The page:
From the rear of the great hall we were so elevated as to be able to see only the light from the entrance without seeing the hole. Every rock around us was wet and slimy, and approaching the entrance again, via the west wall, was like walking on an icy surface.

Almost thankful to be out of this black hole, which is reputed to have an entrance to Torteval Church, we bathed our black hands in the sea. [There are several photographs accompanying this article.]

From Flouncing, 1834

'we have visited together the Cave Mahé, where my beloved’s dexterity in entering on all fours gave me as much gratification as any other of the natural beauties which the scene presented.'

Report and transactions of the Soc. Guernesiaise, 1890:

4. — Creux Mahie Cave.

The roof appears to be a fault plane partly coinciding with the boundary of a diorite vein. The slope of the cliff west of the cave is the upper surface of another vein of the same nature. The following measurements were taken. The cave descends from the mouth inwards until a depth of about 20 feet is reached, then the floor continues at the lower level to a distance of 76 feet from the mouth, then rises at an angle of 29° for a further distance of 109 feet, making about 180 feet for the total length of the cave. The greatest width is 60 feet. The height at the mouth is only 5 feet, but in the centre at least 18 feet. At the further extremity of the cave the floor meets the roof, at a point about 50 feet in vertical height above the lower level of the floor. The direction of the level part of the cave is nearly south to north, N. 5 E., but the ascending portion bends considerably to the west. Mr. Collenette presented a detailed plan of the cave.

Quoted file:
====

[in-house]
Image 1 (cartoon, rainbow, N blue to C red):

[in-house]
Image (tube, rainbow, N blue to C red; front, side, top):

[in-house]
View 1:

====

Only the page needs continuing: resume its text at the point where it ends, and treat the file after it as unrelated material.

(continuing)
See also Reminiscences of the late Amias C Andros, II, pp. 188-9, in the Library, for a description of Adolphus Collenette and the Société Guernesiaise's visit to the cave in 1894.